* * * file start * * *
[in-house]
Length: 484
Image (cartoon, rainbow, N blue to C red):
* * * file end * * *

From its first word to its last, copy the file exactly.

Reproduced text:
[in-house]
Length: 484
Image (cartoon, rainbow, N blue to C red):